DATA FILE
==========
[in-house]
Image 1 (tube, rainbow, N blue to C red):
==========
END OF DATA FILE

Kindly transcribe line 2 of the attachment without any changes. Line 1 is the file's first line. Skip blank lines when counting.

Image 1 (tube, rainbow, N blue to C red):